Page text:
• ORCHID (Human-Agent Collectives)
    As systems based on human-agent collectives grow in scale, complexity and temporal extent, we will increasingly require a principled science that allows us to reason about the computational and human aspects of these systems if we are to avoid developments that are unsafe, unreliable and lack the appropriate safeguards to ensure societal acceptance. Delivering this science is the core research objective of this programme.

  • ICIF (International Centre for Infrastructure Futures) – ICIF will create a shared, facilitated learning environment in which social scientists, engineers, industrialists, policy makers and other stakeholders can research and learn together to understand how better to exploit the technical and market opportunities that emerge from the increased interdependence of infrastructure systems. The Centre will focus on the development and implementation of innovative business models and aims to support UK firms wishing to exploit them in international markets. The Centre will undertake a wide range of research activities on infrastructure interdependencies with users, which will allow problems to be discovered and addressed earlier and at lower cost. Because infrastructure innovations alter the social distribution of risks and rewards, the public needs to be involved in decision making to ensure business models and forms of regulation are socially robust. As a consequence, the Centre has a major focus on using its research to catalyse a broader national debate about the future of the UK’s infrastructure, and how it might contribute towards a more sustainable, economically vibrant, and fair society.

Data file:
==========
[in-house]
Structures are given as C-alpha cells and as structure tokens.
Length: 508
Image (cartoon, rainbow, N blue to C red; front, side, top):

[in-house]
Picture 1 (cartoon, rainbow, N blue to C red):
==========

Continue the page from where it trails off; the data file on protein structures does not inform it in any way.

• ISDM (Intelligent Systems for Disaster Management): The ISDM project is an EPSRC-funded Knowledge Transfer Secondment (KTS) that builds on a partnership between the School of Electronics and Computer Science and Hampshire County Council. The project aims to exploit the key outputs of the highly acclaimed ALADDIN project. In particular, the ISDM project aims to upgrade what is currently research-oriented software to more specialised software for experts in the disaster management area.
  • 2004 – 2010 – ALADDIN (Autonomous Learning Agents for Decentralised Data and Information Networks): This project dealt with the application of decentralised data and information systems to disaster management. A number of key algorithms and mechanisms were developed to solve for coordination and information problems that arise in dynamic and uncertain environments.
  • 2001 – 2004 – FEEL (Focused, Efficient, and Enjoyable Local Activities) The project dealt with the issue of minimising intrusiveness on meetings. Our part of the project involved the use of agent-based mechanisms to minimise the impact of external messages on meeting through some multi-party negotiation mechanism. Both simulated and physical implementations of the system were designed.